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Optimal Time Of Day To Schedule External Radiation If You Work?

woodstock99's picture
woodstock99
Posts: 106
Joined: May 2021

Hi All - hop3 everyone is having the start of a nice long holiday wekeend.

I am going to move forward with the 25 external radiation treatemnts.  I am supposed to do my simulationthe week of 7/12 and start treatements the week of 7/19.  Still waiting on insurance preapproval and scheduling.  I was told that when I come in for simulation that I can request a treatement time.  I may not get it the first week but usually by week 2 they can usually accomodate. 

I was trying to think what is best time of day. I work and was leaning towrads the afternoon so I could a good part of the work day in before having to leave and could rest up when I got home.  I know the radioation oncologist mentioned having a full bladder and empty bowels and I  thoought I'd be less stressed having to wake uo earky in the day and accomplish both.  Maybe have breakfast and skip lunch?

I live in CST and work with a lot of people on EST so that was another factor for thinking about the afteernoon.  NOTE: I am still working from home so no commuting issues. 

Apprecuate any insights or feedback if I am not thinking about anything that I should be.  Thanks.  

MoeKay
Posts: 349
Joined: Feb 2004

It sounds like you have several good reasons why afternoons would work best for you.  I went first thing in the morning due to my work commute.  After my radiation appointment, I had to drive about 45 minutes to the train station and I then took a train into the city.  I didn't want to have to worry about possible train delays or traffic problems on the way home, so I got my treatments out of the way at the beginning of the day.  I started on the first day of summer and recall that the only day it rained during my entire 5 weeks of radiation was the very last day, which worked out well for me, but was not good at all for the environment.

Best of luck with your radiation treatments!

woodstock99's picture
woodstock99
Posts: 106
Joined: May 2021

I ams still working from home so do not have commuting issues right now but I totally get what you are saying.  Did you find that when the fatigue and/or any other side effects set in that you may have had that you had difficulty finishing your work day?   Thanks.

cmb's picture
cmb
Posts: 730
Joined: Jan 2018

I've been a management consultant for most of my career. The consultants all worked from home when not at a client's site. So I timed the onsite meetings with my new client to take place after chemo ended and before I started radiation. I chose to do the radiation sessions first thing in the morning so that I could work uninterrupted the rest of the day.

I never ate or drank until treatment was over. It's been interesting to read, but I was never told to have a full bladder before treatment. There is a comment in my doctor's simulation note that says "Custom complex blocking was designed to decrease the amount of small bowel, bladder, rectal and perineal tissues within the treatment fields to decrease the risk of associated side effects. Beam modifiers and weighting will be evaluated to provide for a homogenous dose distribution throughout the treatment volume." I hoped it worked – so far, no issues with other organs, except for the ongoing diarrhea issues that I had even before cancer.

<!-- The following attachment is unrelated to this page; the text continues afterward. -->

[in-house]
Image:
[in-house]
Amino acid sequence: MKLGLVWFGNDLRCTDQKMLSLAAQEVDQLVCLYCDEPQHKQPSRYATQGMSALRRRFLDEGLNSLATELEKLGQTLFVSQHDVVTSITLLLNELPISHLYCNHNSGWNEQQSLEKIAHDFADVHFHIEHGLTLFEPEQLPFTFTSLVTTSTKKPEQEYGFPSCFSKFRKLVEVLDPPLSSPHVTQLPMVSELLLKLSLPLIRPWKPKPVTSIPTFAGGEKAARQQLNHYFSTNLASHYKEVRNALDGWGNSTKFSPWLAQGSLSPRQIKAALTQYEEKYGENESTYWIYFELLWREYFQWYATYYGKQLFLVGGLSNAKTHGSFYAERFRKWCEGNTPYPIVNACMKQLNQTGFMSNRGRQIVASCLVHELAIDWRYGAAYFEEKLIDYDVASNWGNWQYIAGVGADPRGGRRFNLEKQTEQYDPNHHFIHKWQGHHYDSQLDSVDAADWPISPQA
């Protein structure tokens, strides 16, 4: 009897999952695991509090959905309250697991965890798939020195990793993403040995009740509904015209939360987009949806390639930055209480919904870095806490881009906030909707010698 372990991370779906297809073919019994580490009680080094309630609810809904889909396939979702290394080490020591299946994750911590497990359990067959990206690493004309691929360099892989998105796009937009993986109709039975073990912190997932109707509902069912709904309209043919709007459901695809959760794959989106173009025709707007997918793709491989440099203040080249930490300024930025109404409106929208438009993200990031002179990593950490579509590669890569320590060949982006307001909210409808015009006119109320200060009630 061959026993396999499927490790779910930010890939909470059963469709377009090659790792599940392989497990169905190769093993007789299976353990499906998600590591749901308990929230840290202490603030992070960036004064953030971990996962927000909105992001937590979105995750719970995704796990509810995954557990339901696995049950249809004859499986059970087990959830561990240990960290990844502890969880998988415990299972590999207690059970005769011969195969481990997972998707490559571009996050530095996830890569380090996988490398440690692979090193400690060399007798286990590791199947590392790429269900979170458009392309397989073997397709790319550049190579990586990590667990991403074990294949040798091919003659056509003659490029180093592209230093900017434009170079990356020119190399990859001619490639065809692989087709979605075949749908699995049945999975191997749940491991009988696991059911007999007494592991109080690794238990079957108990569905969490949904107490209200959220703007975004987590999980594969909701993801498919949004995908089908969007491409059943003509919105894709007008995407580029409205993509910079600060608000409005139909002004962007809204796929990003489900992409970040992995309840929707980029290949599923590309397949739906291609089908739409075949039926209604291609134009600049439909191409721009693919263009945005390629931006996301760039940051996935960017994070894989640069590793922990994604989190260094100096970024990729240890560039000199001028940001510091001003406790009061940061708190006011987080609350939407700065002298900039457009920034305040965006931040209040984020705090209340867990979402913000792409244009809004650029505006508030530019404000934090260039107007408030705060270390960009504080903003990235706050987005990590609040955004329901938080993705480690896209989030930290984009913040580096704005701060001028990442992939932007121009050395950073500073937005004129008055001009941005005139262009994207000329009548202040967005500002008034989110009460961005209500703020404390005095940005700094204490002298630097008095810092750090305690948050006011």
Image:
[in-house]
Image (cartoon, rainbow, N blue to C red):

I do remember that once a week they reviewed the radiation settings and the doctor ordered machine adjustments as necessary.

I was able to work a full day during radiation. I was probably more tired, but nothing like how I felt during chemo. 

MoeKay
Posts: 349
Joined: Feb 2004

To answer your question, it was only towards the end of the five weeks of treatments that I started getting more tired, but not to the extent that I wasn't able to work.  At that point, after my hour and a half commute home, I would have dinner and go to bed a short time later. 

woodstock99's picture
woodstock99
Posts: 106
Joined: May 2021

Thanks all.  I think I may actually try to do in the morning maybe around 10 (after rush hour) as I am not a morning person actually a night owl so having to be anywhere very early is not my choice.  The RO talked to me about the full bladder and empty rectum and I was given a 1-sheet about it.  I googled it and found similar instructions online and also this video which pretty much mirror the directiond I was given.  Talk about pressure every day for 25 days!  https://vimeo.com/229592469

jan9wils's picture
jan9wils
Posts: 164
Joined: Mar 2017

I had my treatments after work, which worked best for me as I was teaching first grade at the time. I drank water but did not eat during the day. I would have my treatment, then go home, eat something and rest a bit. Later in the evening I would have another meal and spend time grading papers or lesson planning. I had severe diarrhea anytime I ate something so that schedule worked best for me. I was more tired as the week went on and more tired by week five than I had been in the first weeks. Since you are working from home still it may be easier for you to complete treatments in the morning. For me, radiation was easier to tolerate than chemotherapy.

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